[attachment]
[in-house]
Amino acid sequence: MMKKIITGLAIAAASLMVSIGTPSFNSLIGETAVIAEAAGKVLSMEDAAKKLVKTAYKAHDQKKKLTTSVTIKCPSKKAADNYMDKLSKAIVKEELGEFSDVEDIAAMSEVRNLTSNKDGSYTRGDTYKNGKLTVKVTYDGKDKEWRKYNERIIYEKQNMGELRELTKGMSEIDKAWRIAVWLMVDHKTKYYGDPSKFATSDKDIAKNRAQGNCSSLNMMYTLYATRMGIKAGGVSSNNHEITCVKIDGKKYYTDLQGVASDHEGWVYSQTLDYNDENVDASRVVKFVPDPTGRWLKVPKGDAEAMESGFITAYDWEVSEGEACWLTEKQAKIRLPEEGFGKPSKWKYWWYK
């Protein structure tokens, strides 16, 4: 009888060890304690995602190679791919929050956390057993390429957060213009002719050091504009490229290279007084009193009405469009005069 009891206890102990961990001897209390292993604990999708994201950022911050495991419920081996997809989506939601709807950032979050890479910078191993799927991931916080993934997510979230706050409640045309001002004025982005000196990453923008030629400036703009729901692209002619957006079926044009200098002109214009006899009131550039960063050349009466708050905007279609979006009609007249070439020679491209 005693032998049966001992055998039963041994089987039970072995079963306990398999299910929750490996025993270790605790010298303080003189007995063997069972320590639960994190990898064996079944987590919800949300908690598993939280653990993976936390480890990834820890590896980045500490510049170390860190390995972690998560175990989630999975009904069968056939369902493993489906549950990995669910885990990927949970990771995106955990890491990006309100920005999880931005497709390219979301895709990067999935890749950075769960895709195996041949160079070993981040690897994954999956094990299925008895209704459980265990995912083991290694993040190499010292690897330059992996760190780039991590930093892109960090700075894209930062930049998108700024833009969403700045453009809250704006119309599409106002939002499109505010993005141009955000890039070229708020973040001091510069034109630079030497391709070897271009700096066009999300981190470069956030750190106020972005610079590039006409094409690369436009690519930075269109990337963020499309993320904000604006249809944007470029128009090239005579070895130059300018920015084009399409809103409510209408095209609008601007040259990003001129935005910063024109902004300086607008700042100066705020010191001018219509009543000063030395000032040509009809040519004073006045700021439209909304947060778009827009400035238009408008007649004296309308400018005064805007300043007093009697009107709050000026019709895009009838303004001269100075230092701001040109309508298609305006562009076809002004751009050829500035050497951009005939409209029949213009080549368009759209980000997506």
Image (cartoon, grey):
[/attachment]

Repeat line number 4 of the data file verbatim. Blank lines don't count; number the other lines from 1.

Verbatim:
Image (cartoon, grey):